Don’t pick a New Year’s resolution that’s bound to fail either, like running a marathon if you’re 40lbs overweight and get out of breath walking upstairs. If that’s the case resolve to walk every day. When you’ve got that habit down pat you can graduate to running in short bursts, constant running by March or April and a marathon at the end of the year. What’s the one habit you most want to change?
2. Plan Ahead
To ensure success you need to research the change you’re making and plan ahead so you have the resources available when you need them. Here are a few things you should do to prepare and get all the systems in place ready to make your change.
Read up on it – Go to the library and get books on the subject. Whether it’s quitting smoking, taking up running or yoga or becoming vegan there are books to help you prepare for it. Or use the Internet. If you do enough research you should even be looking forward to making the change.
Plan for success – Get everything ready so things will run smoothly. If you’re taking up running make sure you have the trainers, clothes, hat, glasses, ipod loaded with energetic sounds at the ready. Then there can be no excuses.
3. Anticipate Problems
There will be problems so make a list of what they’ll be. If you think about it, you’ll be able to anticipate problems at certain times of the day, with specific people or in special situations. Once you’ve identified the times that will probably be hard work out ways to cope with them when they inevitably crop up.
4. Pick a Start Date
You don’t have to make these changes on New Year’s Day. That’s the conventional wisdom, but if you truly want to make changes then pick a day when you know you’ll be well-rested, enthusiastic and surrounded by positive people. I’ll be waiting until my kids go back to school in February.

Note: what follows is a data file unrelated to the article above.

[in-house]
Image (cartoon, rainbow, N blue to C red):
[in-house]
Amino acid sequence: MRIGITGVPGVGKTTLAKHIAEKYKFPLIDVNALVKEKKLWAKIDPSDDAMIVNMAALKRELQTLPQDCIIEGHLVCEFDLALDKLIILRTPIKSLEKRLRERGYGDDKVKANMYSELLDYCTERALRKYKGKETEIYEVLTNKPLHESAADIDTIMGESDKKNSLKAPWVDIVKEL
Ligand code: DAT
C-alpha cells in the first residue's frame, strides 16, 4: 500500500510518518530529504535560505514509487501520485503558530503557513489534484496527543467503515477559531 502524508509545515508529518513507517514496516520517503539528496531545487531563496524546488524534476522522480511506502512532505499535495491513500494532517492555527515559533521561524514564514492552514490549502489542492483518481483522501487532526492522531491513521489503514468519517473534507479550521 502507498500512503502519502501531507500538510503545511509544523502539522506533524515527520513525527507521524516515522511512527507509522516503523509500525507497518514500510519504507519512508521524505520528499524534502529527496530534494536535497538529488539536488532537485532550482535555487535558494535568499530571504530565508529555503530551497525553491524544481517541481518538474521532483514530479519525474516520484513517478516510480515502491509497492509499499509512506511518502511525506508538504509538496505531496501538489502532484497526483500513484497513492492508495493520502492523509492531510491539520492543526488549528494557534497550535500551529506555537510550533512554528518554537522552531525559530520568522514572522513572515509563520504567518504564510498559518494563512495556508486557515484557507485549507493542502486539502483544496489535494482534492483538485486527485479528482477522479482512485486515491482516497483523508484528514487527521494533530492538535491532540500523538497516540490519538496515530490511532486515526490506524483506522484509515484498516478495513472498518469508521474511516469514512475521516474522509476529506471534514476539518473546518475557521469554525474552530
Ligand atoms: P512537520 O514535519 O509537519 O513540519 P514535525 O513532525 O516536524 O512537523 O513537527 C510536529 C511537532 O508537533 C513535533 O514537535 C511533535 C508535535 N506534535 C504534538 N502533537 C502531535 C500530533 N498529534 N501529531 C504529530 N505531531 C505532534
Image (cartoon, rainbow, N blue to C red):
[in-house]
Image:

Sometimes picking a date doesn’t work. It’s better to wait until your whole mind and body are fully ready to take on the challenge. You’ll know when it is when the time comes.
5. Go for It
On the big day go for it 100%. Make a commitment and write it down on a card. You just need one short phrase you can carry in your wallet. Or keep it in your car, by your bed and on your bathroom mirror too for an extra dose of positive reinforcement.
Your commitment card will say something like:
I enjoy a clean, smoke-free life.
I stay calm and in control even under times of stress.
I’m committed to learning how to run my own business.
I meditate daily.
6. Accept Failure
If you do fail and sneak a cigarette, miss a walk or shout at the kids one morning don’t hate yourself for it. Make a note of the triggers that caused this set back and vow to learn a lesson from them.
If you know that alcohol makes you crave cigarettes and oversleep the next day cut back on it. If you know the morning rush before school makes you shout then get up earlier or prepare things the night before to make it easier on you.
Perseverance is the key to success. Try again, keep trying and you will succeed.
7. Plan Rewards
Small rewards are great encouragement to keep you going during the hardest first days. After that you can probably reward yourself once a week with a magazine, a long-distance call to a supportive friend, a siesta, a trip to the movies or whatever makes you tick.
Later you can change the rewards to monthly and then at the end of the year you can pick an anniversary reward. Something that you’ll look forward to. You deserve it and you’ll have earned it.
Whatever your plans and goals are for this year, I’d do wish you luck with them but remember, it’s your life and you make your own luck.
Decide what you want to do this year, plan how to get it and go for it. I’ll definitely be cheering you on.